We used previously reported SNPs or the best surrogate SNP available based on HapMap data for CEPH (Centre d'Etude du Polymorphisme Humain) reference individuals from Utah (CEU) (see Supplementary Table S6 online). rs3751812 at FTO was included as a positive control as it has previously been reported to yield very strong association with pediatric obesity.

Analysis

We queried the data for the indicated SNPs in our pediatric samples. All statistical analyses were carried out using plink (20). European ethnicity for our cohort was derived using the multi-dimensional scaling feature within plink. The single marker association analysis was carried out using the 1-df allelic χ2 test. Odds ratios and the corresponding 95% confidence intervals were calculated for each SNP.

ACKNOWLEDGEMENT

  1. Top of page
  2. Abstract
  3. Methods and Procedures
  4. SUPPLEMENTARY MATERIAL
  5. ACKNOWLEDGEMENT
  6. DISCLOSURE
  7. References
  8. Supporting Information

We would like to thank all participating subjects and families. Elvira Dabaghyan, Hope Thomas, Kisha Harden, Andrew Hill, Kenya Fain, Crystal Johnson-Honesty, Cynthia Drummond, Shanell Harrison, and Sarah Wildrick provided expert assistance with genotyping or data collection and management. We would also like to thank Smari Kristinsson, Larus Arni Hermannsson, and Asbjörn Krisbjörnsson of Raförninn ehf for their extensive software design and contribution. This research was financially supported by the Children's Hospital of Philadelphia. The study is supported by an Institute Development Award from The Children's Hospital of Philadelphia, a Research Development Award from the Cotswold Foundation and NIH grant 1R01HD056465-01A1.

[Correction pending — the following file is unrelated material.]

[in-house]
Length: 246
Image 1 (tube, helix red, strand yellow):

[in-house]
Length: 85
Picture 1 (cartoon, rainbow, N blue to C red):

References

  1. Top of page
  2. Abstract
  3. Methods and Procedures
  4. SUPPLEMENTARY MATERIAL
  5. ACKNOWLEDGEMENT
  6. DISCLOSURE
  7. References
  8. Supporting Information

Supporting Information

  1. Top of page
  2. Abstract
  3. Methods and Procedures
  4. SUPPLEMENTARY MATERIAL
  5. ACKNOWLEDGEMENT
  6. DISCLOSURE
  7. References
  8. Supporting Information

supporting Information